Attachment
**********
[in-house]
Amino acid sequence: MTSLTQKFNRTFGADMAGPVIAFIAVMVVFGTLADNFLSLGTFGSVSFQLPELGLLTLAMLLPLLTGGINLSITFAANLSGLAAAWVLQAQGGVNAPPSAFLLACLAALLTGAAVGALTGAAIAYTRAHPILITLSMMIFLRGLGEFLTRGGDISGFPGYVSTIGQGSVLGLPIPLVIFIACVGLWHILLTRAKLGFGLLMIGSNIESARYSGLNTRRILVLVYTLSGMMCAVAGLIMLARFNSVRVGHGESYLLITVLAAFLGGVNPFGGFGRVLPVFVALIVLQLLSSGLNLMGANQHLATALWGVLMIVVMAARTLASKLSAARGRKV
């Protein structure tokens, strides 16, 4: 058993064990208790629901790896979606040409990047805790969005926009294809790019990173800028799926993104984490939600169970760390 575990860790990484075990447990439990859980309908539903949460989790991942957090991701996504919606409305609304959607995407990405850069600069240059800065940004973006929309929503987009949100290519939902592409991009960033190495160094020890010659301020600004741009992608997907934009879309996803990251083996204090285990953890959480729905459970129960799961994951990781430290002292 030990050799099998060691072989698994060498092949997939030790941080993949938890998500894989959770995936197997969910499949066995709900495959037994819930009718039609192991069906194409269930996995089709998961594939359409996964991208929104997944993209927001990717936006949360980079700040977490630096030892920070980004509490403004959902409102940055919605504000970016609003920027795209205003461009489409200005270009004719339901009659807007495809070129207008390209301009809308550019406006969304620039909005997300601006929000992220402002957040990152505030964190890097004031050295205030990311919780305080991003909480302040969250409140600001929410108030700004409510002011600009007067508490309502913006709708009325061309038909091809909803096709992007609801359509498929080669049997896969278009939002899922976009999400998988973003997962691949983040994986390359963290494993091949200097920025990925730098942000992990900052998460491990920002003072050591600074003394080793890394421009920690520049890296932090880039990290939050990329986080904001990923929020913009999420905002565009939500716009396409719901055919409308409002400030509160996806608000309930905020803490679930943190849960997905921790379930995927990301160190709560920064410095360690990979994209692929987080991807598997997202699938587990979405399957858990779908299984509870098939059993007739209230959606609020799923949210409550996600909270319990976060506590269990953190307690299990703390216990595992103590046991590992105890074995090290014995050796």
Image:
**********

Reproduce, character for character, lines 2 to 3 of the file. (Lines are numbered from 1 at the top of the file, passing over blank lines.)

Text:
Amino acid sequence: MTSLTQKFNRTFGADMAGPVIAFIAVMVVFGTLADNFLSLGTFGSVSFQLPELGLLTLAMLLPLLTGGINLSITFAANLSGLAAAWVLQAQGGVNAPPSAFLLACLAALLTGAAVGALTGAAIAYTRAHPILITLSMMIFLRGLGEFLTRGGDISGFPGYVSTIGQGSVLGLPIPLVIFIACVGLWHILLTRAKLGFGLLMIGSNIESARYSGLNTRRILVLVYTLSGMMCAVAGLIMLARFNSVRVGHGESYLLITVLAAFLGGVNPFGGFGRVLPVFVALIVLQLLSSGLNLMGANQHLATALWGVLMIVVMAARTLASKLSAARGRKV
């Protein structure tokens, strides 16, 4: 058993064990208790629901790896979606040409990047805790969005926009294809790019990173800028799926993104984490939600169970760390 575990860790990484075990447990439990859980309908539903949460989790991942957090991701996504919606409305609304959607995407990405850069600069240059800065940004973006929309929503987009949100290519939902592409991009960033190495160094020890010659301020600004741009992608997907934009879309996803990251083996204090285990953890959480729905459970129960799961994951990781430290002292 030990050799099998060691072989698994060498092949997939030790941080993949938890998500894989959770995936197997969910499949066995709900495959037994819930009718039609192991069906194409269930996995089709998961594939359409996964991208929104997944993209927001990717936006949360980079700040977490630096030892920070980004509490403004959902409102940055919605504000970016609003920027795209205003461009489409200005270009004719339901009659807007495809070129207008390209301009809308550019406006969304620039909005997300601006929000992220402002957040990152505030964190890097004031050295205030990311919780305080991003909480302040969250409140600001929410108030700004409510002011600009007067508490309502913006709708009325061309038909091809909803096709992007609801359509498929080669049997896969278009939002899922976009999400998988973003997962691949983040994986390359963290494993091949200097920025990925730098942000992990900052998460491990920002003072050591600074003394080793890394421009920690520049890296932090880039990290939050990329986080904001990923929020913009999420905002565009939500716009396409719901055919409308409002400030509160996806608000309930905020803490679930943190849960997905921790379930995927990301160190709560920064410095360690990979994209692929987080991807598997997202699938587990979405399957858990779908299984509870098939059993007739209230959606609020799923949210409550996600909270319990976060506590269990953190307690299990703390216990595992103590046991590992105890074995090290014995050796």